A number of people on the forum recently purchased the Mamac CT-800 switches posted here. I received mine last week and thought I would document my work as I installed them in my Washer, Dryer and Furnace. Please only use this as a guide. I am not an electrician and you should always check with your local regulations regarding making these kinds of modifications to your home. Only follow this guide if you feel comfortable around electricity. 220VAC can definitely hurt you so be careful.
How the CT-800 switches work: In layman's terms, the CT-800's are a current transformer with internal circuitry to open and close a set of contacts, based on how much current is flowing through them. This particular model will have its contacts "open" when less than 1 amp is flowing, and "closed" when 1 amp or greater is flowing. Most devices like your dryer motor, furnace fan motor and washer motor use at least 1 amp while operating which makes the CT-800 perfect for this application.
Without getting too technical, the number of turns of wire through the CT-800's center is proportional to the threshold at which the CT-800 closes its contacts. If you run your wire straight through the center of the CT-800, the contacts will close at 1 amp of current flow. If you put your wire through the hole and then wrap your wire around the outside of the CT-800 and back through the hole so that the wire actually goes through the center twice, then you have cut the current required to close the contacts, in half.
A technical datasheet for the CT-800 can be found here.
* Mamac CT-800 Current Sensing Switches
* Enough single pair (300V or 600V rated) wire to go from the dryer to your automation panel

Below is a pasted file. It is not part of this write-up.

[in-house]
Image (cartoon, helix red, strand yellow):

Take a look at the back of your dryer. Most likely, it will look something like mine with an access hole for the wire connections.
Be sure to unplug the dryer before opening up the access hole. 110VAC doesn't feel all that nice but with dryers you are dealing with 220VAC which can definitely cause some damage.
In the access hole, you should find three wires: a black (hot 1), a red (hot 2), a white (neutral) and a green (ground). To properly monitor your dryer, you will want to look at the hot wire that goes to your drum motor. This way, even when the heater is off and the drum is still turning, you will know. I'm not sure if there is a standard for which hot wire gets connected to the drum motor, but I did a quick test to find out which way mine is wired. Luckily there were nice snap together connectors on each wire so I could easily take each one apart. The above picture shows the red wire apart, ready for the CT-800.
Feed one of the wires through the hole in the CT-800 and connect them back together.
If you are taking on a project such as this one, then you probably have a voltage meter lying around. Using your meter on the continuity or resistance setting will quickly let you know the status of your CT-800 contacts.
Monitoring the red wire, with the dryer to set "Air Only", the contacts are still open.
With the dryer heat on, the contacts close. I've obviously got the wrong wire.
Showing closed contacts with the dryer on "Air Only" and monitoring the black wire.
Connect your wire up to the contacts on the CT-800. Since these are just dry contacts, the polarity of the wires doesn't matter.
Attach the CT-800 inside the back of the dryer some how and run your wiring back to your panel.
In my ElkM1, I set the zone to be "Normally Open" and set up a rule to announce when the dryer shuts off. I am also displaying the status in CQC.
Edited by Squiddy, 26 October 2008 - 11:16 PM.